In Wilkerson’s work as a member of the Roanoke department’s Tactical Response Team—the equivalent of a SWAT team— a few deep, calming breaths also might help. The team responds to “high-risk situations such as barricaded subjects, hostage negotiations, and arrests and search warrants where there’s a threat of violence,” said Wilkerson, the only woman on the 26-member team.
She has gone on more than 15 calls since joining the so-called “tac” team in May 2014, including one early one April morning in nearby Vinton. A man with a history of violent incidents had barricaded himself in an acquaintance’s home at 7 the previous evening after a car chase that began when police tried to arrest him on an outstanding warrant.
“He had a gun, and he was threatening either suicide or ‘suicide by cop,’” she said. He would get agitated, then get exhausted and calm down. Finally he gave himself up at 9 that morning. That kind of situation gets your adrenaline going.”
When an interaction becomes contentious, officers agree it’s important not to take it personally.
“You have to remember that they’re yelling at a badge—not at Tim Brennan,” said Brennan. “If people want to say something offensive, something out of line, you can’t be bothered by it; you can’t be set off kilter. You lose something that way. For the most part, you’re meeting good people who are having a bad day. They want someone to listen to them.”
Often officers are doing more than listening— they’re making contributions to their communities that go beyond their job descriptions.
Last Christmas Eve, Valerie Cincinelli ’06 and other members of her domestic violence unit in the New York Police Department conducted a toy drive in which they delivered toys to kids’ homes. They’re planning to have another toy drive this year, and Cincinelli also has donated clothes and strollers to the children of the adults she sees in her work, many of whom are immigrants living in “harsh, almost unimaginable” conditions.
“We want kids to like us. That’s the next generation; they’ll be adults in 10 years,” said Cincinelli, who works out of the 106th precinct in Queens, New York. “I love kids; they’re my soft spot. I feel like I’m making a difference by helping children and their families. Unfortunately, when I say hello to kids out walking with their parents, the parent sometimes says, ‘Don’t talk to them.’ Some parents teach their kids to hate the police.”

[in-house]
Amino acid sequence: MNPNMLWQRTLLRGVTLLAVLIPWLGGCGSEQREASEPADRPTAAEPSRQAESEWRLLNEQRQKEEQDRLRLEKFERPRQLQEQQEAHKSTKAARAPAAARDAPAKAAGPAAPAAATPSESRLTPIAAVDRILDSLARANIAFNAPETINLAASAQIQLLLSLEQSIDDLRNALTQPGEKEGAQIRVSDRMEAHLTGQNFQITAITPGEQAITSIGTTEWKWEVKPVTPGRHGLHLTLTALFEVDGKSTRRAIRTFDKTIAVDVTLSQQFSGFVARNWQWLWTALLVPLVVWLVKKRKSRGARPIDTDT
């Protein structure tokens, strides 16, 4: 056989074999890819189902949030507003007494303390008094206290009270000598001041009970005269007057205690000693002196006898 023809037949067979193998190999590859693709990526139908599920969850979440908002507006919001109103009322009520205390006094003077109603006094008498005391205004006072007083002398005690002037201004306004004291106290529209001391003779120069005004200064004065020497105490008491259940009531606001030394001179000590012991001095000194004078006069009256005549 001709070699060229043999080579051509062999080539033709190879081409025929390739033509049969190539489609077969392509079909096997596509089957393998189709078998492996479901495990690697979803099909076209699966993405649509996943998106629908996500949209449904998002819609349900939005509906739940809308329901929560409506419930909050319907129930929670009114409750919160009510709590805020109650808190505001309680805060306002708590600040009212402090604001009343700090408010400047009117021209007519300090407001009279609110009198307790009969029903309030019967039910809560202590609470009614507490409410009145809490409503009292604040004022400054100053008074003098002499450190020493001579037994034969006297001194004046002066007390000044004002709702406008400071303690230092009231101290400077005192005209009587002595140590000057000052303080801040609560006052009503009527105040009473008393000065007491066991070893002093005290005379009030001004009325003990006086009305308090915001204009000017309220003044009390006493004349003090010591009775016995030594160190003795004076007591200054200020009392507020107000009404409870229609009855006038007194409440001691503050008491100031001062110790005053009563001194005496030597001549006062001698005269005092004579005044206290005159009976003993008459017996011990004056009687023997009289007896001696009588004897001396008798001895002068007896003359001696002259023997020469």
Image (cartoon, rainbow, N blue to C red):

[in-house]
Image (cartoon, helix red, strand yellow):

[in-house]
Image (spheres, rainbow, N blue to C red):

Hodges and his deputies take 65 needy kids Christmas shopping every year, with the money they spend—about $100 per child— coming from fundraisers or their own pockets. Because Cumberland County is home to many senior citizens, they take firewood to older folks and often phone them. If there is no answer within 30 minutes, they go to the person’s home.
“The saddest call I ever went on, when I was a deputy in Buckingham County, was when I found a lady who had fallen and broken her hip and lay there for three days because she couldn’t get up,” he said. “After that, we bought $5,000 worth of emergency alert phones. Those phones were gone within 60 days, and we bought more.” (The phones are worn around the neck and are set to dial 911 with a pre-recorded message asking that someone be dispatched to the home immediately.)
The officers don’t expect coverage on the evening news for these efforts, though they admit it would be nice. “The good cops never seem to get news coverage,” said Louden. So when recognition does come, it is all the more meaningful.
“I was in a Wawa while on duty in late 2014 or early 2015,” said Louden, “and a lady came up to me and said, ‘Can I hug you? I just want to hug you and say thank you.’ This was at a time when police officers were being trashed in the news media, so it was nice to know that not everyone is opposed to the police.
“You hear ‘F the police’ so much that it’s almost natural now, but for every person who says that, there are 15 or 20 people who know that if we’re not in the community, the community can’t survive. You can’t fix the world, but you’re the thin blue line between civilization and those who wish to take advantage of it.”
At the end of the day, these officers simply enjoy what they do.
“It’s rewarding work,” said Hodges, his feelings reflecting those of the group. “I wake up every day and still love my job. You see some horrible things, but when you feel like you’re making a difference, it keeps your battery charged. I tell people I don’t know what I’m going to do when I grow up, but, until then, I’ll play cops and robbers.”